US growth rates signal the risk of overheating in the years ahead. Emerging markets and the Euro area economies closely watch the developments in the US.
The COVID-19 pandemic triggered a global economic recession. 2020 will remain in history as the year when the world “shut down”, as the only solution to the advance of the virus was isolation and lockdowns.
But science came to the rescue. Vaccines do work as the results show, and now economic activity is picking up better than many expected. The quick economic recovery poses challenges for central bankers too, who must find a way to unwind the accommodative measures and avoid unwanted recessions further down the road.
For instance, it is estimated that if the United States economy is overheating (i.e. grows above the sustainable growth rate), the danger of an economic recession in 2024 is real. As such, the federal funds rate should rise to such a level to temper the upcoming growth.
An overheating economy leads to higher inflation and global spillovers. Inflation fears are already here, as the April CPI data showed the biggest monthly increase since 1981. Therefore, policymakers must find a way to cope with higher inflation and higher growth in such a way to avoid overheating in the years ahead.
Regional Challenges in the Period Ahead
The United States economy delivered an upside surprise in the first quarter of the year. While the news was positive, it triggered upside revisions for the upcoming quarters. Some investment houses forecasted growth of 2.1% for 2021, and were forced to revise the forecast much higher, above 3.5% based on the Q1 2021 data.
The problem comes from the Fed’s accommodative stance. The Fed signaled that it intends to keep the asset-purchases in place for a while now and the federal funds rate at the lower boundary. As such, stronger than expected economic growth coupled with continued monetary accommodation may lead to the US economy overheating.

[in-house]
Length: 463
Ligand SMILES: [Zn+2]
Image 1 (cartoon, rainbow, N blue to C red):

How about the Eurozone economy? The risk of overheating is not that acute here, as the fiscal policy in the Euro area was not as expansionary as it was in the United States. Moreover, the Euro area GDP is expected to reach pre-pandemic levels only in 2022, much later than the US GDP.
Emerging markets are in a sensitive spot. Their central banks should raise the interest rates before the Fed does, otherwise they will have a hard time absorbing the impact of policy tightening in the United States. But slow global growth weighs on emerging markets’ economies, as vaccination rates are sluggish outside developed economies.
All in all, while the pandemic triggered unprecedented challenges, the economic recovery needs to be carefully addressed. Otherwise, the risk of an overheating US economy is real, with global spillover effects.